Facebook Addiction Disorder (FAD) is a term introduced by US phychologists for those who are addicted to facebook and their life is really effected by their uncontrolled activities on Facebook. According to US psychologists the number of patients suffering from FAD are increasing.
Not only US but also millions of South Africans may also be at risk as they search for long-lost friends and relatives, share photo albums and stay abreast of gossip.
Lynlee Howard-Payne, a psychology lecturer at the University of the Witwatersrand, said: “While there are no official statistics available regarding South Africans who have been diagnosed as having or being treated for FAD, based on the large number of universities, schools and companies blocking access to Facebook … there could very well be an uncontrolled dependence.”
Howard-Payne added: “Universities, schools and companies are forced to limit accessibility to Facebook because some people seem to be unable to perform other tasks if they have access to this online social network. While Facebook is often a great way of maintaining both social and professional relationships, it seems to take on a destructive force with certain personalities.”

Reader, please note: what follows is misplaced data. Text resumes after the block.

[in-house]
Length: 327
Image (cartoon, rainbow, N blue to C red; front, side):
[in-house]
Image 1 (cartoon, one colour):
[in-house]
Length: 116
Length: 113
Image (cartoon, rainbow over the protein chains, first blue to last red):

After US psychologists began their probe into FAD, millions of Facebook users – there are an estimated 350 million around the world – have admitted to being addicted.
More than 500 groups for addicts have been created on Facebook, where members joke about their dependence on the site.
Howard-Payne said if addicts chose to join a support group, it should not be on Facebook.
She said: “Addictive use of the Internet is a new phenomenon which many practitioners are unaware of and, subsequently, unprepared to treat. Use of Facebook is often a legitimate way of social networking, so abstinence may not be seen as a practical intervention thus it is recommended that there be moderation and controlled use.”